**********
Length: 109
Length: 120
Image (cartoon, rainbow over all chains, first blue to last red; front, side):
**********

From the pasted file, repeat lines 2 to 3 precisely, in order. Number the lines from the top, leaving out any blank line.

Length: 120
Image (cartoon, rainbow over all chains, first blue to last red; front, side):